The Debt Profile
The changes in American credit card debt—from balances to new issuances and delinquencies—are largely due to the global COVID-19 pandemic, which includes the fading effects of relief programs that helped consumers during the pandemic and the rising prices caused by supply-chain issues from it.
People curbed spending during the pandemic because of lockdowns, business shutdowns, and social distancing guidelines. One of the main factors that contributed to the drop in late payments and delinquencies was the Coronavirus Aid, Relief, and Economic Security Act (CARES).
It provided a series of initiatives to help consumers and businesses, including loans and grants for small businesses and an expansion of unemployment benefits for those who were furloughed from their jobs. Many lenders also allowed payment deferrals on certain credit products. The government also provided stimulus checks to help alleviate the financial burden for consumers.
Now that the pandemic has receded and these government programs have stopped, consumers are back to relying on debt to fund their lives. In addition, the supply-chain issues that arose from the pandemic have resulted in surging inflation, which has significantly increased the costs for consumers for basic items, such as food.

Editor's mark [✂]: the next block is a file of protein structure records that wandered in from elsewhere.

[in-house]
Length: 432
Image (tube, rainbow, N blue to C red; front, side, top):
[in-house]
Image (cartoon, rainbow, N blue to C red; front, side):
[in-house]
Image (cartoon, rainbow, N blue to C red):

Problems With Credit Card Debt
Credit card balances can become a problem the next time a recession hits. Consumers who normally pay their balances in full may start making smaller payments. Households that normally make minimum payments or slightly more than that may stop paying altogether, leading to a rise in delinquency rates.
Seriously delinquent balances matter because lenders may never collect a penny on them. Then, as lenders lose money, consumers experience lower credit limits and tighter standards to get a credit card. If you were using credit during the Great Recession, you know all too well how this process works.